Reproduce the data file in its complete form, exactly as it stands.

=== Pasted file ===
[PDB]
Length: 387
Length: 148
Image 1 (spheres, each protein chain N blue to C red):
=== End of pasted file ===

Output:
[PDB]
Length: 387
Length: 148
Image 1 (spheres, each protein chain N blue to C red):